These studies investigated whether anatomical measures could separate phonologically-based reading disability (PD) from nonphonologically-based learning disabilities such as specific language impairment (SLI). In a previous study. four brain measures (cerebral asymmetry. summed planum temporale and parietale asymmetry, anterior cerebellar asymmetry, and a duplicated left Heschl's gyrus) distinguished a group of PD adults from reading disabled adults without specific phonological deficits (URD). Study 1 found that these measures did not distinguish 14 reading disabled children from 21 children with SLI. Instead, differences were found in cerebral volume, planum temporale asymmetry, and the size of a single left Heschl's gyrus. Study 2 demonstrated that including all seven measures in a discriminant analysis separated the adults and children into two groups: one with 100% of the PD adults and 75% of the reading disabled children and the other with 72% of the SLI children and 75% of the URD adults. Study 3 demonstrated that an anatomical risk factor index (ARF7) generated from the discriminant function with seven brain measures predicted reading in normal children. Children with ARF7 near 0 (normal anatomy) had superior verbal ability and phonological decoding scores that improved with age. Normal children with negative ARF7 the relatively s mall symmetrical structures that characterize SLI)had deficits in verbal ability. Children with positive ARF7 (the asymmetrical structures that characterize PD) had phonological decoding scores that decreased with age. These results suggest that PD and SLI are qualitatively different disorders associated with anatomical deviations in opposite directions from the population mean.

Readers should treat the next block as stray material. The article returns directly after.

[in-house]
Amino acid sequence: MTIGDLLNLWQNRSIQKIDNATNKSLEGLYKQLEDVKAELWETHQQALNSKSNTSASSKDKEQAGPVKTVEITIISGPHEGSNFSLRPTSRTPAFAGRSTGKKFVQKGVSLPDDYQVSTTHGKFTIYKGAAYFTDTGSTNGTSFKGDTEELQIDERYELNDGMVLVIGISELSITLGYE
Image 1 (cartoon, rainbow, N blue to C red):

Learning outcomes: As a result of this activity, the participant will be able to: (1) distinguish the neuroanatomical features that characterize PD and SLI; (2) recognize that PD is associated with large asymmetrical brain structures while SLI is associated with smaller symmetrical brain structures; (3) understand that children with moderate sized brains and whose anatomy is intermediate between symmetry and extreme asymmetry have an enhanced probability of developing good verbal ability; (4) understand that reading disabilities depend on the interaction of neurodevelopment and the environment.